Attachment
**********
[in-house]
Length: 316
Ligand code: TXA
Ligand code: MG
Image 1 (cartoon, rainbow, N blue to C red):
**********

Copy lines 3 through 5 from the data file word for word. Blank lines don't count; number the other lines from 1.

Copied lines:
Ligand code: TXA
Ligand code: MG
Image 1 (cartoon, rainbow, N blue to C red):